Have you started raking leaves yet? Begun harvesting apples? Whatever you've been doing, treat yourself to a break around the Web. This week's edition of Saturday Sharing takes you to an amusing and informative arts-related blog, makes a stop at a poetry site, introduces you to a symphony of hands, tells you a story about the importance of dance in Arab society, highlights a film on Rumi, and uncovers a fascinating article about Haitian music.
✭ The Madame Pickwick Art Blog is among the most interesting arts-related blogs I've found, and ranges widely over its subject matter.
✭ Poetry aficionados will enjoy the Poetry Bookshop's Poetry Portal, which includes features on poetry collections, interviews with poets, poetry news, and just about anything else that is poetry-related. The online bookshop is a great place to locate poetry books your own store doesn't carry; its titles number some 90,000.
✭ We use our hands for many things, but, as the American Heart Association says, "nothing compares to using [our hands] to help save a life". See the AHA's excellent demonstration video and hear and see the wonderful "Hands Symphony" (you can choose from dance, hip-hop, and Latin music and the number of hands).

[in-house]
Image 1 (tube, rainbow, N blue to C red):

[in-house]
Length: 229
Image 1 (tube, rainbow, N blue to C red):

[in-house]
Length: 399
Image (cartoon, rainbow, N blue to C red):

✭ This lovely video essay from the Guardian is a brief survey about the place of dance in Arab society.
✭ The 13th Century Sufi poet, Jelaluddin Rumi, the best-selling poet in the United States in 2009, is the subject of a film by Haydn Reiss: Rumi: Poet of the Heart. The film features Coleman Barks, an acclaimed translator of Rumi's writings (see Essential Rumi), as well as poet and translator Robert Bly, author and physician Deepak Chopra, mythologist and storyteller Michael Meade, and religion scholar and historian Huston Smith. Below is the wonderful trailer for the film.
A DVD of the film, with extras, is available.
An interesting article on Reiss, about Reiss' films on Rumi and William Stafford (the subject of Every War Has Two Losers), is here.
Coleman Barks is part of RumiFest 2010 in Toronto on October 23.
✭ This interview with Elizabeth McAlister, professor of religion at Wesleyan University, Middletown, Connecticut, is an informative discussion about Haitian music, Voudou, and other aspects of Haitian culture, society, and politics. Also see "Music and the Story of Haiti", where you can find audio features.